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Nongdā Lāiren Pākhangba

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Nongda Lairen Pakhangba
"Maker of Manipur"[1]
Ningthou
"Nongta Lailen Pakhangpa" (Ancient Meitei name) and "Nongda Lairen Pakhangba" (Modern Meitei name) of the Meitei king who ascended the throne of the Kangla of Kangleipak in 33 AD.jpg
"Nongta Lailen Pakhangpa" (Ancient Meitei name) and "Nongda Lairen Pakhangba" (Modern Meitei name) of the Meitei king who ascended the throne of the Kangla of Kangleipak (Meitei for 'Manipur' realm) in AD 33
33 AD
Coronation33 AD
SuccessorKhuyoi Tompok
BornUnknown
Diedsee here
ConsortLeima Laisana
Ancient MeiteiNongtā Lāilen Pākhangpa
DynastyNingthouja (Old Manipuri: ꯅꯤꯡꯊꯧꯆꯥ, romanized: ningthoucha)
MotherCakha Nuron Piron Yambi[2][3]
ReligionSanamahism

Nongda Lairen Pakhangba (Old Manipuri: ꯅꯣꯡꯇꯥ ꯂꯥꯏꯂꯦꯟ ꯄꯥꯈꯪꯄ, romanized: nongtā lāilen pākhangpa, or Meitei: ꯅꯣꯡꯗꯥ ꯂꯥꯢꯔꯦꯟ ꯄꯥꯈꯪꯕ, romanized: nongdā lāiren pākhangda), was the first Meitei monarch of the Ningthouja dynasty,[4] who ascended the throne of the Kangla of Kangleipak (Manipuri for 'Manipur' realm) in 33 AD,[5][6][7] after the withdrawal of the mainstream powers of the Khabas.[a][8][9] Before the reign of king Nongda Lairen Pakhangba, the clans, or salais were already in existence.[10]

The ancient flag of Kangleipak (Manipur), with the seven colours depicting the seven clan dynasties
The ancient flag of Kangleipak (Manipur), with the seven colours depicting the seven clan dynasties

Nongda Lairen Pakhangba initiated the process of unification of the warring ethnic groups and principalities groups, which led to the formation of Manipur realm, under the political supremacy of the Ningthouja dynasty in the first century AD.[11][12] Nongda Lairen used the title Pakhangba,[4]: 187  and he appears in literature and mythology as a human incarnation of God Pakhangba.[9]: 92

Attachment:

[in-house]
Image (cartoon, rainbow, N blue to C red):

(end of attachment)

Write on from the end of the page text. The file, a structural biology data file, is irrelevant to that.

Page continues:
According to some scholars including Sujit Mukherjee, Nongda Lairen Pakhangba ruled for 21 years, from 33 to 54 AD. The list of Meitei kings was recorded in the Cheitharol Kumbaba, which survives in several versions, the most authentic of which is preserved in the Royal Palace of Manipur.[13] and in the Chada Laihui, which contains information about their parentage and the important events of their reigns.[13]: 64 [14] Coins were issued by Nongda Lairen Pakhangba.[15]

A Sagol Kangjei (polo) match depicted on an Indian stamp.
A Sagol Kangjei (polo) match depicted on an Indian stamp.

A historic Sagol Kangjei (polo) match was organised by Nongda Lairen Pakhangba, which was played by his friends, in the Imphal Polo Ground, the oldest Polo Ground in the world.[16]

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Meitei language

Meitei language

Meitei, also known as Manipuri, is a Tibeto-Burman language of north-eastern India. It is spoken by around 1.8 million people, predominantly in the state of Manipur, but also by smaller communities in the rest of the country and in parts of neighbouring Myanmar and Bangladesh. It is native to the Meitei people, and within Manipur it serves as an official language and a lingua franca. It was used as a court language in the historic Manipur Kingdom and is presently included among the 22 scheduled languages of India.

Ningthouja dynasty

Ningthouja dynasty

The Ningthouja dynasty, also known as Mangang dynasty, comprises the descendants of the kings of Manipur. Ningthouja literally means progeny of King. It has 125 extended families. It was apparently founded by King Nongda Lairen Pakhangba in 33 CE.